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I've been watching the show Vikings on the History Channel and on the latest episode Christians capture an alleged apostate. As punishment they decide to crucify him.

Of course this is just a show but it got me wondering, did any Christians anywhere at any time ever use crucifixion as means of punishment?

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    I cannot find any record of crucifixion used as a punishment by Christians following it's banning by Constantine I. To my lay mind it would seem potentially blasphemous to use Christ's punishment on pagans, further decreasing the likelihood of it being inflicted in such circumstances. Commented Mar 23, 2014 at 15:39
  • FWIW, I think Athelstan's crucifixion in Vikings is a dream/hallucination. It's so obviously a reenact of the crucifixion, including a crown of thorns and a crowd yelling "Crucify him!"
    – Alex P
    Commented Mar 23, 2014 at 19:03
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    @AlexP what makes you think it was a dream? Especially when King Egbert comes and orders him to be spared and taken to him for talks. I agree that it so obviously reenacted the crucifixion that I felt disappointed that the show, which was more or less authentic until that point, did it.
    – Juicy
    Commented Mar 23, 2014 at 19:27
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    In the Philippines, some Catholics are voluntarily, non-lethally crucified for a limited time on Good Friday to imitate the suffering of Jesus Christ.[en.wikipedia.org/wiki/Crucifixion#As_a_devotional_practice]
    – liftarn
    Commented Jun 10, 2014 at 8:20
  • would it not run the risk of being counterproductive? The Glorious King captures and crucifies the Nasty Rebel Leader; then the rebels may tell truthfully (and paint on their pamphlets) "our leader died like Christ Himself!" I guess if a king understand the power of political imagery with religious analogies and undertones, he will not do such a thing.
    – Luiz
    Commented Mar 20, 2018 at 16:05

3 Answers 3

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If you consider Nazis to be "Christians," it is reported crucifixion was occasionally approbated for Jewish prisoners in the Dachau concentration camp during the Holocaust. The motive for this war crime has strong religious undertones.

Or perhaps, crucifixion could be meant to include any form of public execution by live hanging. Then yes, because some Christians used impalement.

Otherwise, the answer appears to be "no."

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    Nazis were so anti-Christian it is so easy to verify.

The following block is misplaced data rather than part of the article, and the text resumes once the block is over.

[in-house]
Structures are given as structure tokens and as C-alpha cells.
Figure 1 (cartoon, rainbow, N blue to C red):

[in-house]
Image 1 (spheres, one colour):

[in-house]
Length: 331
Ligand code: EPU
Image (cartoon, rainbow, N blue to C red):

– Ken Graham
    Commented Dec 25, 2016 at 13:22
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    @KenGraham Not so, or at the very best an oversimplification to the point of reductio ad absurdum, but that would be quite off-topic to discuss here
    – Marakai
    Commented Dec 26, 2016 at 7:06
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    @KenGraham nope, many were very religious and faithful churchgoers. There were chaplains in the German army in WW2, providing church services even at the front.
    – jwenting
    Commented Dec 29, 2016 at 10:20
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    @KenGraham, looking at the answer to this other question, the only Christian denomination the Nazis were "anti" against seems to been mostly the JWs
    – user25717
    Commented Mar 20, 2018 at 1:06
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No. The two big users of crucifixion were the pre-Imperial Romans and the Japanese, neither of whom were Christians. Note that by Christian times crucifixion was largely a historical punishment in the Roman empire and was more an ugly memory than an everyday reality.

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    The statement that X and Y used crucifixion doesn't answer whether Christians used crucifixion. It is difficult to prove a negative, but I think that @RazieMah has provided several examples of Christians using crucifixion.
    – MCW
    Commented Jun 3, 2014 at 16:25
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This is the weirdest non-historical alteration I've ever seen on a so-called history show. In fact, the Church itself did not engage in any lethal punishment until the Albigensian crusade in the 13th century. So the attempt to crucify Athelstan by the Archbishop is completely a script writer's fantasy, as is the attempt to portray crucifixion as a usual punishment for apostasy, when the Frankish monk who instructs the Princess of Wessex in Illumination also says Athelstan should be crucified for apostasy.

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